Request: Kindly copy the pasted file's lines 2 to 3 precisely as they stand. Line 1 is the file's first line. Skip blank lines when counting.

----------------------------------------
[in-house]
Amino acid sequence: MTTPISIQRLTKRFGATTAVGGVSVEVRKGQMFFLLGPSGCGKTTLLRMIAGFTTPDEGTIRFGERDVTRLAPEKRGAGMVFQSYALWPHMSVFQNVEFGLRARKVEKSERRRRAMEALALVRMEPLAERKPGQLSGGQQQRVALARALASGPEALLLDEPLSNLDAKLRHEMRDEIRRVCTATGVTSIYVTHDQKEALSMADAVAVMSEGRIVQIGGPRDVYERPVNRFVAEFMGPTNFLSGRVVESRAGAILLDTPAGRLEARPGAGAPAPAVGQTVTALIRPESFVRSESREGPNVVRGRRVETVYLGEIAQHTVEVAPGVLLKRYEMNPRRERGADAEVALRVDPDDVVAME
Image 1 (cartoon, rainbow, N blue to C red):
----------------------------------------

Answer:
Amino acid sequence: MTTPISIQRLTKRFGATTAVGGVSVEVRKGQMFFLLGPSGCGKTTLLRMIAGFTTPDEGTIRFGERDVTRLAPEKRGAGMVFQSYALWPHMSVFQNVEFGLRARKVEKSERRRRAMEALALVRMEPLAERKPGQLSGGQQQRVALARALASGPEALLLDEPLSNLDAKLRHEMRDEIRRVCTATGVTSIYVTHDQKEALSMADAVAVMSEGRIVQIGGPRDVYERPVNRFVAEFMGPTNFLSGRVVESRAGAILLDTPAGRLEARPGAGAPAPAVGQTVTALIRPESFVRSESREGPNVVRGRRVETVYLGEIAQHTVEVAPGVLLKRYEMNPRRERGADAEVALRVDPDDVVAME
Image 1 (cartoon, rainbow, N blue to C red):